The names of Chantel Moore and George Floyd rang out across Ucluelet on Sunday as the West Coast marched in unified opposition against racism and police violence towards people of colour.
Floyd was killed by a Minneapolis police officer on May 25, spurring protests across the United States, Canada and Europe.
The officer, Derek Chauvin, knelt on Floyd’s neck, pinning him to the ground for roughly nine minutes and is facing a second-degree murder charge. Three other officers who were at the scene face charges of aiding and abetting second-degree murder.
“I’ve been in tears on the couch since he was murdered. I have no real connection to him, but what happened was wrong and what’s happening in this police system is wrong,” Marissa Mack, one of the organizers of Sunday’s demonstration in Ucluelet, told the Westerly News.
As Mack was helping to plan a West Coast march in honour of Floyd, 26 year-old Tla-o-qui-aht First Nation woman Chantel Moore was shot and killed by police in Edmundston, New Brunswick, during a well-being check on June 4 around 2:30 a.m.
In a statement, the Edmundston Police Force said an officer “was confronted at the scene by a woman holding a knife who made threats,” so the officer “discharged a firearm.”
Moore had recently moved to N.B. after living in Tofino and Port Alberni.
“I just felt completely helpless, you can only donate so much money and I felt like this community is so supportive, both Tofino and Ucluelet, and something needed to be done here. I want justice for Chantel Moore and all these other black and brown people who are being shot while unarmed; wrongfully shot by the police,” Mack said.
“I want people to know that we care here too. And, I want people to know that it happens here. The police system is broken everywhere, it’s not just in America, it’s not just on the east side of Canada, it’s here too. It’s everywhere.”
Mack, a Tla-o-qui-aht First Nation woman from Tofino, said she did not know Moore personally, but was deeply affected by her death.
“I do share the same skin colour,” she said. “It’s a huge issue here, missing and murdered Indigenous women and it’s not just one single incident. We’re being shot and killed, we’re going missing and nothing is being done about it.”
The Nuu Chah Nulth Tribal Council issued a statement on June 4 demanding an immediate and independent investigation into Moore’s death.
“We want to speak out against the senseless shooting by police of a young indigenous woman on the one-year anniversary of the issuance of [Missing and Murdered Indigenous Women] report and highlight that killings are still happening. These police shootings of indigenous peoples have to stop,” the statement read, in part. “The family and community of Chantel needs answers as to why she was shot on a health check by the police. Justice must not wait and every power must be exerted to ensure that justice is served in an appropriate, immediate, and respectful way…We call for action on implementing measures to ensure conduct and police practices are done in a way that de-escalates a situation and to use trauma-informed practice when doing so. We ask that changes be made to police conduct in this sense to ensure more lives are not lost in this devastating manner.”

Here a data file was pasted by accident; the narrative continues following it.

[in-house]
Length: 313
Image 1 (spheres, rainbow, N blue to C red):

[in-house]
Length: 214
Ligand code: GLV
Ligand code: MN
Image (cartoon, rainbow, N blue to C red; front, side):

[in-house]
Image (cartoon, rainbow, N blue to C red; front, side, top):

Participants in Sunday’s demonstration marched from the Ucluelet Post Office at Davison Plaza to the Whiskey Dock, where they lay down for nine minutes to symbolize how long police officer Derek Chauvin knelt on George Floyd’s neck.
They also demonstrated outside the Ucluelet RCMP detachment.
“I think it speaks for itself, we’re marching past the police station while we’re protesting police brutality and a broken, corrupt police system,” Moore said.
The Ucluelet RCMP attended the demonstration and assisted the march by blocking off roads to keep the over 100 participants safe from traffic as they made their way through town.
Detachment commander Sgt. Steve Mancini told the Westerly News that police were there to support the event and help the marchers “get to where they want to be safely and have their message heard.”
“We’re just here to offer our support and be an ear to listen too,” he said.
He acknowledged the Ucluelet RCMP detachment was an intentional part of the demonstration’s route and said he was “100 per cent supportive” of that.
“As police, we constantly have to learn and to educate ourselves and to take what we can to be better. I think, as a society, everybody needs to do their part to be better and we’re no different. In Ucluelet here, we’re a big part of the community, we want to remain that way and we want to be seen as people that are supportive of the community’s concerns and the community’s issues. We want to be part of the solution, not a part of the problem,” Mancini said. “We want to be a part of the community and a part of the solution here to ensure that nobody’s falling into any issues based on systematic racism or anything of that nature.”
Ucluelet resident Andy Horne marched alongside his family, including two sons Marcus, 11, and Liam, 9.
“The solution starts at the upper crust, that’s what I was born into and privileged into and I believe everyone should have equal rights, equal opportunities and equal freedoms,” Horne told the Westerly. “I wanted to show both the children today that there should be no racism, everybody should be treated as equal and you should never ever judge someone by the colour of their skin…I’m super glad that we had such a great turnout and thank you to Marissa Mack for being there to teach us.”
Fundraising to help cover the costs for Moore’s West Coast family members to travel to New Brunswick are ongoing and a GoFundMe Page titled Support for family of Chantel Moore had raised $119,781 at presstime.
“Her mother and daughter are in need of family support during this tragic time and 6 members of her family are planning to travel to New Brunswick to support her and practice traditional Nuu-Chah-Nulth grieving protocols,” the page reads.